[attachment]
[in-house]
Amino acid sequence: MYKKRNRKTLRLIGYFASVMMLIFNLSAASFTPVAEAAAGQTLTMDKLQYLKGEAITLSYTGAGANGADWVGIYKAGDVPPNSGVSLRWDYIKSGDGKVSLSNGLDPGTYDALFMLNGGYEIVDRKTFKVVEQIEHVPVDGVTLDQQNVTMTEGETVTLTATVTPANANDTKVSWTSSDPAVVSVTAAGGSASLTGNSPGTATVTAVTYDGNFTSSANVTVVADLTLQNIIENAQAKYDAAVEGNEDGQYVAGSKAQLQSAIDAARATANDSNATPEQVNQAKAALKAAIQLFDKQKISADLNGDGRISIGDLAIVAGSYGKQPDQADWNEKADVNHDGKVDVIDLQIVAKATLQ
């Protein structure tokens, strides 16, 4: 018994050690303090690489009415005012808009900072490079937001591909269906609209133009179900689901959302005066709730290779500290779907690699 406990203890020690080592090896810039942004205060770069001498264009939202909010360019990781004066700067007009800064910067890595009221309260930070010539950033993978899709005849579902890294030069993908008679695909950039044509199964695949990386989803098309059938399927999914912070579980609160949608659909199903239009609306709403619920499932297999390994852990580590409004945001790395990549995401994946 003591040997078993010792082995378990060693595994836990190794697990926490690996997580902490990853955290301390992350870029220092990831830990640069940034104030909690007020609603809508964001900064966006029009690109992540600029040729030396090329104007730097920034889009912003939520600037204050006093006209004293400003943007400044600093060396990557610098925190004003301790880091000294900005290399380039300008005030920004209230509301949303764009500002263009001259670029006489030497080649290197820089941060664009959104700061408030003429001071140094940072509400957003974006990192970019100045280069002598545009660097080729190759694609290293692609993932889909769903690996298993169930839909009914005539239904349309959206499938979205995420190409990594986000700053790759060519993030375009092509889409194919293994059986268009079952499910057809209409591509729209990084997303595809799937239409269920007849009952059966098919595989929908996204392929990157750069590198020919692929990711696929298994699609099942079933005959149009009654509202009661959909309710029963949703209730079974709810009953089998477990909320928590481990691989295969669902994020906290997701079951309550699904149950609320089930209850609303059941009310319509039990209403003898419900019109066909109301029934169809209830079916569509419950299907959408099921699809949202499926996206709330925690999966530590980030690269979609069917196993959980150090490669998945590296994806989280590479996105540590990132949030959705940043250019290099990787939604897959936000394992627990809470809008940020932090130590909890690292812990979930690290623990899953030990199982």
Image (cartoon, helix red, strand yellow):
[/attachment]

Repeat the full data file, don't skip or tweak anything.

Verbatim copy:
[in-house]
Amino acid sequence: MYKKRNRKTLRLIGYFASVMMLIFNLSAASFTPVAEAAAGQTLTMDKLQYLKGEAITLSYTGAGANGADWVGIYKAGDVPPNSGVSLRWDYIKSGDGKVSLSNGLDPGTYDALFMLNGGYEIVDRKTFKVVEQIEHVPVDGVTLDQQNVTMTEGETVTLTATVTPANANDTKVSWTSSDPAVVSVTAAGGSASLTGNSPGTATVTAVTYDGNFTSSANVTVVADLTLQNIIENAQAKYDAAVEGNEDGQYVAGSKAQLQSAIDAARATANDSNATPEQVNQAKAALKAAIQLFDKQKISADLNGDGRISIGDLAIVAGSYGKQPDQADWNEKADVNHDGKVDVIDLQIVAKATLQ
């Protein structure tokens, strides 16, 4: 018994050690303090690489009415005012808009900072490079937001591909269906609209133009179900689901959302005066709730290779500290779907690699 406990203890020690080592090896810039942004205060770069001498264009939202909010360019990781004066700067007009800064910067890595009221309260930070010539950033993978899709005849579902890294030069993908008679695909950039044509199964695949990386989803098309059938399927999914912070579980609160949608659909199903239009609306709403619920499932297999390994852990580590409004945001790395990549995401994946 003591040997078993010792082995378990060693595994836990190794697990926490690996997580902490990853955290301390992350870029220092990831830990640069940034104030909690007020609603809508964001900064966006029009690109992540600029040729030396090329104007730097920034889009912003939520600037204050006093006209004293400003943007400044600093060396990557610098925190004003301790880091000294900005290399380039300008005030920004209230509301949303764009500002263009001259670029006489030497080649290197820089941060664009959104700061408030003429001071140094940072509400957003974006990192970019100045280069002598545009660097080729190759694609290293692609993932889909769903690996298993169930839909009914005539239904349309959206499938979205995420190409990594986000700053790759060519993030375009092509889409194919293994059986268009079952499910057809209409591509729209990084997303595809799937239409269920007849009952059966098919595989929908996204392929990157750069590198020919692929990711696929298994699609099942079933005959149009009654509202009661959909309710029963949703209730079974709810009953089998477990909320928590481990691989295969669902994020906290997701079951309550699904149950609320089930209850609303059941009310319509039990209403003898419900019109066909109301029934169809209830079916569509419950299907959408099921699809949202499926996206709330925690999966530590980030690269979609069917196993959980150090490669998945590296994806989280590479996105540590990132949030959705940043250019290099990787939604897959936000394992627990809470809008940020932090130590909890690292812990979930690290623990899953030990199982």
Image (cartoon, helix red, strand yellow):